Feeling the humidity rise in an office is expected when the weather outside is particularly humid. The increased moisture taxes the ability of the office air conditioning system, and any time the building is open, you risk humid air wafting in. So, what can you do to mitigate the inward flow of moist air that no one likes? You have a bunch of simple options that, taken together, can counter the increased humidity. You don't have to feel uncomfortable inside because of extra-humid conditions outside.
Add Portable Dehumidifiers
Bring in some portable dehumidifiers -- you can get tabletop versions if you don't have much room -- and place them at different intervals throughout the common areas of the office. Many of these models need occasional draining (for the smaller models, you can easily pour the excess water down the sink in the office kitchen), so be sure to check the dehumidifiers on a regular schedule each day. These can be very effective, especially when used with other tactics.
Add Fans, but Not in Front of Faces
One of the reasons humid air can feel so awful is the fact that it feels heavy and thick. Creating a breeze helps. Fans can move air around and reduce some of the stagnant feeling. You'll have to position the fans carefully to ensure they add to the circulation in the office, but don't sit in the way of anyone trying to walk down a hallway. Don't have people place the fans on desks near their faces. The constant stream of air can create sinus-type problems and dry out nasal passages, making people feel worse after a while, even if initially the fans make things feel cooler.
Post Signs by Windows and Doors
Remind people not to leave doors and windows open. That will let humid air back in. Many people don't like air conditioning and would prefer to have fresh air, and this creates a conflict in many offices. Post signs letting people know that the doors and windows have to remain closed that day.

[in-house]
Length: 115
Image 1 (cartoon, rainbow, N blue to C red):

Check the Air Conditioning
And, of course, have the building air conditioning inspected to ensure that it's working as well as it can. Excess humidity outside places a bit more strain on the air conditioner as it tries to remove all that warmth and moisture, and the interior of the building can feel a bit more humid in that case. But if you are feeling a lot of humidity, even with dehumidifiers and the like, have the air conditioner inspected.
Summer will be over before you know it, but in the meantime, do what you can to keep the office comfortable. Air conditioning systems that are maintained well should continue to work well.
For more help, contact a commercial HVAC contractor.
A few years ago, I could tell that we were having serious furnace problems. In addition to dealing with a house that was constantly too cold or too warm, we were also plagued by a noisy, smelly furnace that seemed to have trouble on a daily basis. Unfortunately, I didn't know enough about furnaces at the time to spot the problems quickly. One day, the entire system died, and it was beyond repair. After having that experience, I learned a lot about HVAC systems, so that I could troubleshoot future systems. This website is all about teaching you what you need to know so that you don't end up in the same situation.